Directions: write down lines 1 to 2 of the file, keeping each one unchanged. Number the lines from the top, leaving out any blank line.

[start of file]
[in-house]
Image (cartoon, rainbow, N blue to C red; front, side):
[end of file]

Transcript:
[in-house]
Image (cartoon, rainbow, N blue to C red; front, side):